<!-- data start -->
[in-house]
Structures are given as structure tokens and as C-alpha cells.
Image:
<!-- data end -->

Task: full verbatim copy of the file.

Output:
[in-house]
Structures are given as structure tokens and as C-alpha cells.
Image: